Asia witnessed two major summits in the last week of April – between Kim Jong-un of North Korea and Moon Jae-in of South Korea in Panmunjom in the demilitarised zone between the two countries, and between Indian Prime Minister Narendra Modi and Chinese President Xi Jinping in Wuhan, China.
Arguably, it was the meeting between the leaders of the two smaller countries that carried the greatest immediate significance, if nothing else because they sought a formal end to a state of war that has existed since 1950 and ‘complete denuclearisation’ of the Korean peninsula while the India-China summit promised not even a joint statement of what was on the agenda between their two leaders.
And yet, as many have argued for decades, there is no ‘Asian century’ without India and China working together and living in peace. Continue reading Is It Asia’s Moment, Yet?
During her visit to India for the 2nd Indo-US Strategic Dialogue, last week, US Secretary of State Hillary Clinton called upon India to “not just to look east, but to engage east and act east as well”. But the problem in New Delhi might well be an incapacity to ‘think east’ beyond the boundary dispute with China or trying to retain a toehold against Chinese dominance in Myanmar. What engagement there is occurs in the economic domain but India remains overcautious in its political and military outreach to the Asia-Pacific. Continue reading Hillary Clinton’s India Visit: Chinese Elephant in the Room
Original Article: Jabin T. Jacob, “Alternative Strategies towards China: Charting India’s Course for the Next Decade,” IPCS Issue Brief, No. 162, February 2011.
Summary: Sino-Indian bilateral ties at the start of the 21st century saw the two sides putting behind them the contretemps that followed India’s 1998 nuclear tests and rapid growth of their economic interactions. It soon began to be claimed that economic imperatives would be the new driver in their relationship, one that many held also would be the defining relationship of the new century. However, neither the sentiment nor the expression that it engendered, namely, ‘Chindia,’ retains much salience now at the beginning of a new decade.
What should India’s China policy for the next decade look like? How can India maximize its strengths in diplomatic and other arenas vis-à-vis China in a manner that can push forward the positive aspects of the bilateral relationship while at the same time reduce chances for actual physical conflict of even a limited nature?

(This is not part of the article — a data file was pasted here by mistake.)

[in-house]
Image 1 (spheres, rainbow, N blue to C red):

Original Article: “Chine et Inde: deux puissances émergentes antagonistes,” Société de Stratégie – AGIR (Paris), No. 44, December 2010, pp. 43-56.
Abstract: Despite being among the fastest growing world economies, interactions between China and India remain limited owing to their unresolved boundary dispute. Concerns have grown over rapid military and infrastructure development by the two countries along the disputed boundary as well as over perceived and potential competition between them, both in their immediate neighbourhood as well as elsewhere in the world. Nevertheless, there have also been instances of international cooperation such as at the climate change negotiations in Copenhagen in 2009. Thus, the key question of the ‘Asian century’ will be if these two rising powers and neighbours can manage their relationship in a manner that promotes peace, stability and economic development both regionally and globally.
Read more (in French) …
Originally published: August 2008
Extract: Current realities including the US presence in Asia as well as China’s global emergence will need to be addressed in any new Asian security architecture. For the new architecture to also acknowledge India’s rise and its interests, India will however need to provide something much more than military or economic might. There must be an Indian idea that can motivate the security discourse on the Asian continent.
Towards this end, India must ask itself some hard questions. What does India view as the foundation for its relations with other countries? Why for example, should any country consider India’s rise as benign in comparison to that of China’s and why therefore, should any country buy India’s argument that an open and inclusive system with the widest possible membership is the most effective and useful way forward for Asia?
It is about time India answered these questions and (re)examined the nature of its engagement with the world. No matter what its current limitations or perceived advantages, India needs to embark on an exercise of basing its foreign policy on strong domestic fundamentals, before it can truly rise in Asia and the world.
Original Article: “Towards a New Asian Architecture: India and Ideology,” IPCS Issue Brief, No. 80, August 2008.